MOPH begins forensic audit into its procurement process
MINISTRY OF PUBLIC HEALTH – THE Ministry of Public Health (MOPH) has begun a forensic audit into its procurement system with help from PAHO/WHO.
The forensic audit comes on the heels of public complaints into the procurement process, the quality of drugs, and allegations of shortage of drugs, medical supplies and pharmaceuticals in the government-run sector.
Professor Jaime Espin Balbino of the Andalusian School of Public Health, Regional Ministry of Health is spearheading the forensic exercise which will target the operations of the MOPH and the Georgetown Public Hospital Corporation (GPHC) Health Minister, Volda Lawrence (MP) said Tuesday during a meeting with officials of those entities.
“I found that it (the procurement process) was a bigger issue than I thought” Lawrence admitted during Tuesday’s early-morning meeting.
“I didn’t think it was as bad as I found it (but) this is the beginning of the process” of regularising operations in the wider health sector, Lawrence said.
The audit into how things are currently done and the specific changes that will be implemented will provide the roadmap for the future to remove the existing “vast deficiencies in knowledge and manpower” which currently hamstring the MOPH and the GPHC Lawrence said explaining the rationale for the forensic audit.
PAHO/WHO is funding the cost of conducting the audit.
While the government health sector has internal and external audits done, Lawrence feels that “a fresh eye” is needed to give the system a boost and help plug all “existing gaps”.
She iterated that the audit is not intended to harass those with responsibility in the sector’s procurement process “but to correct the system”.
MOPH Permanent Secretary (PS) Collette Adams has welcomed PAHO/WHO supporting the auditing exercise while Dr Karen Cummings, Minister within the Public Health Ministry, wants the procurement process demystified.
“There is something wrong somewhere,” Cummings observed.
Part of the de-mystification Cummings has called for will entail overcoming some existing hurdles identified by Chief Medical Officer (CMO) Dr. Shamdeo Persaud, PAHO/WHO’s Health System and Services (HSS) Advisor, Dr. Paul Edwards and professor Balbino.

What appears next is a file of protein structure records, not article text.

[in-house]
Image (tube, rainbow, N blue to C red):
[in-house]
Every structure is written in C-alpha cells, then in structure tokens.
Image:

The trio identified managerial and policy shortcomings, non-implementation of plans of action crafted by the MOPH, a paucity of information from the public health sector which can impact negatively on the forensic audit efforts and shortage and hoarding of medication by patients nationwide.
Dr. Edwards is confident that Balbino is “the right person for the job” having a wide range of experience in the field having done similar work in Europe and Latin America.
Nevertheless, he admitted that Balbino is undertaking a “daunting process” and that several consultancies will be needed to complete what Minister Lawrence wants.
He cautioned GPHC authorities not to expect immediate results following the audit, its recommendations and implementation.
“It’s not going to be accomplished overnight” Edwards said referring to the lengthy time it has taken other countries to get positive results.
While the political will to transform and modernise the MOPH and GPHC is evident, Balbino noted that this must be complemented by the appropriate financial backing and competent human resources.
“You are doing well (but) you can improve” Balbino told the MOPH and GPHC teams.
Managers of the Guyanese public health sector must continue thinking long-term but remember that “more data, better advice” Balbino said.